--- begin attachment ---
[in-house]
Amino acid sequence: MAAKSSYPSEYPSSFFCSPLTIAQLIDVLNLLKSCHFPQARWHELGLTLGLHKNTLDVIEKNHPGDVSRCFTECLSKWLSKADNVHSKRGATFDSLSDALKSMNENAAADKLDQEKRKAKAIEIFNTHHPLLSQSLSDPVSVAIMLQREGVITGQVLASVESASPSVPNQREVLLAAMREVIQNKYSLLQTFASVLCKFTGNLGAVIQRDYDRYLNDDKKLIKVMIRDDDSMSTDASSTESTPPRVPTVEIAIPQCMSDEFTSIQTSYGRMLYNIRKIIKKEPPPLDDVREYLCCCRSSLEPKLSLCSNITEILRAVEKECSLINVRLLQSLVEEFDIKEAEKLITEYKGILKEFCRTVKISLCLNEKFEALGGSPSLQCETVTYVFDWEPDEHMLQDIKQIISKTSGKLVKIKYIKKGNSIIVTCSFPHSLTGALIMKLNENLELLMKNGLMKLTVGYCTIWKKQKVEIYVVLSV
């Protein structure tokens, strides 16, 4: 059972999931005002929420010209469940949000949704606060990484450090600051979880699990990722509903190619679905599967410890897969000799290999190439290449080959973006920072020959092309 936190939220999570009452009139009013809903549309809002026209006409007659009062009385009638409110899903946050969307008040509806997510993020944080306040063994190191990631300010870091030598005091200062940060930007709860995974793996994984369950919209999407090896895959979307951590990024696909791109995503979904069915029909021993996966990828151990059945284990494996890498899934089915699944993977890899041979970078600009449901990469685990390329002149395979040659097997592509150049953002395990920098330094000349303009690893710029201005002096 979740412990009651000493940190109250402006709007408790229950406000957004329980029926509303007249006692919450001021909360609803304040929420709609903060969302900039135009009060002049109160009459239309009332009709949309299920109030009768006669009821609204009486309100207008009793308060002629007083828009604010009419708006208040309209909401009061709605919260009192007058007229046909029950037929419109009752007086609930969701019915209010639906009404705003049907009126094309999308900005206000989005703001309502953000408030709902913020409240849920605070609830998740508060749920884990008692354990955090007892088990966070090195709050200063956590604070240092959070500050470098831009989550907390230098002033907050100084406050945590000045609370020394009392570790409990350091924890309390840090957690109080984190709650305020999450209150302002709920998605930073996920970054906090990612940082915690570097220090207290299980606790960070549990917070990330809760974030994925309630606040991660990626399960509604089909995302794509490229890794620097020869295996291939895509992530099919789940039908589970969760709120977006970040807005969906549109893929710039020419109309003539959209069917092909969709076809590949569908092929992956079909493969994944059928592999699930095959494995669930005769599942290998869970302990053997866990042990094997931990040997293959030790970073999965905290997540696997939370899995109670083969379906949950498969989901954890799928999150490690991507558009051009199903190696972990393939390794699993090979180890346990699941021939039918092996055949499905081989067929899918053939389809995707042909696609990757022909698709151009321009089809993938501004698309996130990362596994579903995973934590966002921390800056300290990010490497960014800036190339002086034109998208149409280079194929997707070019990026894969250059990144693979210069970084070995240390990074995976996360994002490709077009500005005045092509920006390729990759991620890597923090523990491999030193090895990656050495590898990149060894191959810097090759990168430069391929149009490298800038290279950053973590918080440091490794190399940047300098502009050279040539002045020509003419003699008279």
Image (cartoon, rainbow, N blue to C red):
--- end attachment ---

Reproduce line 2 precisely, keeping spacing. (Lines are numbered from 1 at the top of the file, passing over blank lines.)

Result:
Amino acid sequence: MAAKSSYPSEYPSSFFCSPLTIAQLIDVLNLLKSCHFPQARWHELGLTLGLHKNTLDVIEKNHPGDVSRCFTECLSKWLSKADNVHSKRGATFDSLSDALKSMNENAAADKLDQEKRKAKAIEIFNTHHPLLSQSLSDPVSVAIMLQREGVITGQVLASVESASPSVPNQREVLLAAMREVIQNKYSLLQTFASVLCKFTGNLGAVIQRDYDRYLNDDKKLIKVMIRDDDSMSTDASSTESTPPRVPTVEIAIPQCMSDEFTSIQTSYGRMLYNIRKIIKKEPPPLDDVREYLCCCRSSLEPKLSLCSNITEILRAVEKECSLINVRLLQSLVEEFDIKEAEKLITEYKGILKEFCRTVKISLCLNEKFEALGGSPSLQCETVTYVFDWEPDEHMLQDIKQIISKTSGKLVKIKYIKKGNSIIVTCSFPHSLTGALIMKLNENLELLMKNGLMKLTVGYCTIWKKQKVEIYVVLSV